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iHP, VHP or HPV??

Why so many acronyms? Isn’t it confusing? They all claim a 6-log reduction, so aren’t they all the same? These are just some of the common questions that we get asked.

As a starting point, it is important to identify the different hydrogen peroxide systems that are in use today, the different abbreviations associated with each and to highlight the differences between them.

VHP refers to vaporised hydrogen peroxide and is a trademark of Steris who were one of the original pioneers in hydrogen peroxide technology. This decontamination process is reliant on a high vapour phase concentration which is achieved by initial dehumidification of the air. The process uses 30-35% hydrogen peroxide liquid which is flash evaporated to achieve the required vapour phase concentration. The process is always stopped before the dew point is reached and for this reason is often referred to as a “Dry” process.

HPV refers to hydrogen peroxide vapour and is a term that is used by Bioquell. Similar to Steris, the process flash evaporates 30-35% hydrogen peroxide to create a vapour. However, there is no initial dehumidification and the process is brought beyond the dew point to saturated vapour conditions. The process relies on the formation of micro-condensation on surfaces and for this reason is often referred to as a “Wet” process. The physical chemistry and partial pressures of a saturated hydrogen peroxide vapour means that when condensation is formed, it is at a concentration significantly greater than the original 30-35% of the liquid solution. Depending on ambient temperature and humidity, the actual concentration of the condensate will be in the region of 50-60%. This is an important point when it comes to material compatibility and discussed below.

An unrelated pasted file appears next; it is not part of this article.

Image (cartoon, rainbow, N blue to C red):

iHP refers to ionised hydrogen peroxide and this process uses a 6-10% concentration of hydrogen peroxide. An ultrasonic nozzle creates a dry mist of ionised hydrogen peroxide and it is these negatively charged hydroxyl ions that act as the mechanism for destruction of micro-organisms. Further information can be found in the technical section of our website here

For each process, typical VHP vapour phase concentrations would be in the region of:

VHP 600-800ppm HPV 200-300ppm      iHP 80-100ppm

The opinion of some in industry is that the “wet” process can cause material damage but the “dry” process has much better material compatibility characteristics. This article does not set out to debate this but the reason for this is likely to be due to the higher concentration of the condensate (50-60%) as mentioned above.

When we consider iHP and the discussion of material compatibility, the important point to note is that the concentrations are significantly lower, both in the liquid and vapour form. On this basis it is a reasonable statement that the iHP process is significantly “gentler” on materials than both VHP and HPV.

While globally there have been a small number of reported cases of 30-35% hydrogen peroxide systems causing damage to surfaces, there has not been a single case of iHP causing any damage whatsoever.Why so many acronyms? Isn’t it confusing? They all claim a 6-log reduction, so aren’t they all the same? These are just some of the common questions that we get asked.